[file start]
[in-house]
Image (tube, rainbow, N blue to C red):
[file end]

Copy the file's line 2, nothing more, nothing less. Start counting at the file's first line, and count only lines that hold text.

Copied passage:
Image (tube, rainbow, N blue to C red):